The fight was over.


In the im­me­di­ate af­ter­math, one fact was glar­ingly clear: the Mi­ami Shootout didn’t go well. A Bu­reau in­ves­ti­ga­tion into the fight com­pleted just over one month later lays out each step of that day, with de­tails down to ev­ery shot fired. And while it ex­plic­itly doesn’t as­sign blame — “this doc­u­ment con­tains nei­ther rec­om­men­da­tions or con­clu­sions of the FBI” — it does over and over again lay out the agents’ key prob­lem: fire­power.

First was the mat­ter of the weapons them­selves. The agents were sim­ply out­gunned. “With the ex­cep­tion of mi­nor wounds to SA Manauzzi by shot­gun pel­lets, all se­ri­ous wounds in­flicted on FBI per­son­nel were caused by Platt fir­ing a Ruger Mini14 .223-cal­iber ri­fle. It’s known Platt fired a min­i­mum of 40 rounds from his weapon,” the re­port states.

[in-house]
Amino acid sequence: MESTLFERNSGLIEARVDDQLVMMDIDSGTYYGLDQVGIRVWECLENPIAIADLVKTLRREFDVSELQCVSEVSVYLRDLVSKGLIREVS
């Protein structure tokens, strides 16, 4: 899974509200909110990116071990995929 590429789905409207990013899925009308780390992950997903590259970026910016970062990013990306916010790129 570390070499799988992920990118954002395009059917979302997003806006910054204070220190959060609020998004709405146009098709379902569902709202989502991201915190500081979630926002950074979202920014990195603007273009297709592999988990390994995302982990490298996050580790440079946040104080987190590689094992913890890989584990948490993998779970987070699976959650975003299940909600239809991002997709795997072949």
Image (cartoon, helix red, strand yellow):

Mire­les, who has re­cently pub­lished his own book, Five Min­utes that Changed the Bu­reau, de­tail­ing the day, agrees.

“We were all armed with ev­ery­thing we were legally au­tho­rized to carry on that day … A bad guy can carry what­ever the heck he wants,” Mire­les told RE­COIL. “If ev­ery­one on the team had had semi-auto pis­tols or ri­fles, that gun­fight would’ve lasted 15 sec­onds.”

Most of the agents weren’t wear­ing body ar­mor, but even if they had been, “tests re­veal the vests is­sued to Agent per­son­nel would not stop the .223-cal­iber rounds that were fired by Michael Lee Platt,” the re­port states.